monkeypox

(redirected from Human monkeypox)
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Related to Human monkeypox: Monkeypox virus

monkeypox

[′məŋ·kē‚päks]
(veterinary medicine)
An animal virus that causes a smallpox-like eruption but only rarely infects humans and has little potential for interhuman spread.
References in periodicals archive ?
Outbreak of human monkeypox, Democratic Republic of Congo, 1996 to 1997.
Outbreaks of human monkeypox after cessation of smallpox vaccination.
Human monkeypox outbreak caused by novel virus belonging to Congo Basin clade, Sudan, 2005.
Several recent reviews have reported an increasing prevalence of human monkeypox since smallpox eradication and the cessation of vaccinia vaccination (20,21).
Human monkeypox is regularly reported in remote villages of central Africa near tropical rainforests where persons may have contact with infected animals (3-7).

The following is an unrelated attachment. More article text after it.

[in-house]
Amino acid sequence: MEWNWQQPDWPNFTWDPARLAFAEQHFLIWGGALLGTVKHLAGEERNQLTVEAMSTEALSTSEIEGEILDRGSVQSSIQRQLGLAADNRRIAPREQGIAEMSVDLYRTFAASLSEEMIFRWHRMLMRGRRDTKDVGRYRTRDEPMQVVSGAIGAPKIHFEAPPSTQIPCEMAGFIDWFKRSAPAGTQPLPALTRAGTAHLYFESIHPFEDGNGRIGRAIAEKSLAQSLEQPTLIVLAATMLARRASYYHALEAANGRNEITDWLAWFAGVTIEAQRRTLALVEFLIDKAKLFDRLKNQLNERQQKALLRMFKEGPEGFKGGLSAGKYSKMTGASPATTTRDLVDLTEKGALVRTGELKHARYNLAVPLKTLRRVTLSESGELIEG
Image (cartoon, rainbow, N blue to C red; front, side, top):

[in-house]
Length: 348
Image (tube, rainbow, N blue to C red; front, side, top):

Clinical manifestations of human monkeypox influenced by route of infection.
Human monkeypox is a zoonotic disease found in remote areas of western and central sub-Saharan Africa and is an important public health issue in these areas (1,2).
Human monkeypox transmitted by a chimpanzee in a tropical rain-forest area of Zaire.
Updated interim case definition for human monkeypox, January 2004.
Human monkeypox Kasai Oriental, Democratic Republic of Congo, February 1996 October 1997.
In 2003, US officials identified several human monkeypox cases and traced the virus exposure to infected captive prairie dogs.
The initial detection of human monkeypox in the Western Hemisphere: association with infected prairie dogs.
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